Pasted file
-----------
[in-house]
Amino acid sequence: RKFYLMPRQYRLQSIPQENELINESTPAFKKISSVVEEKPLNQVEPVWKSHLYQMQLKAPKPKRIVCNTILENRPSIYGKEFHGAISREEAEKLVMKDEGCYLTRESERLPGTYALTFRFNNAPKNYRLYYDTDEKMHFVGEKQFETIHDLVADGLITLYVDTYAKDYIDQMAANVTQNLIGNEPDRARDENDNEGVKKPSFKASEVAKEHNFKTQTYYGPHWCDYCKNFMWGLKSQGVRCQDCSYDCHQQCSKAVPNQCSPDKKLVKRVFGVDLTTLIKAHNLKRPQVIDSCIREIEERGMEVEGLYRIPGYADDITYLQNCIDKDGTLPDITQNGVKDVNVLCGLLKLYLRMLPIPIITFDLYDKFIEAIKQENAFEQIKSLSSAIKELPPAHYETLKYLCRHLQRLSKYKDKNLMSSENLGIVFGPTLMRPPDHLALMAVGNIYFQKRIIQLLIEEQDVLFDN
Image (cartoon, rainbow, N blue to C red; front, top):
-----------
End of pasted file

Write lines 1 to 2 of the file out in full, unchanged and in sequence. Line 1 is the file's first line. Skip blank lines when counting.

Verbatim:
[in-house]
Amino acid sequence: RKFYLMPRQYRLQSIPQENELINESTPAFKKISSVVEEKPLNQVEPVWKSHLYQMQLKAPKPKRIVCNTILENRPSIYGKEFHGAISREEAEKLVMKDEGCYLTRESERLPGTYALTFRFNNAPKNYRLYYDTDEKMHFVGEKQFETIHDLVADGLITLYVDTYAKDYIDQMAANVTQNLIGNEPDRARDENDNEGVKKPSFKASEVAKEHNFKTQTYYGPHWCDYCKNFMWGLKSQGVRCQDCSYDCHQQCSKAVPNQCSPDKKLVKRVFGVDLTTLIKAHNLKRPQVIDSCIREIEERGMEVEGLYRIPGYADDITYLQNCIDKDGTLPDITQNGVKDVNVLCGLLKLYLRMLPIPIITFDLYDKFIEAIKQENAFEQIKSLSSAIKELPPAHYETLKYLCRHLQRLSKYKDKNLMSSENLGIVFGPTLMRPPDHLALMAVGNIYFQKRIIQLLIEEQDVLFDN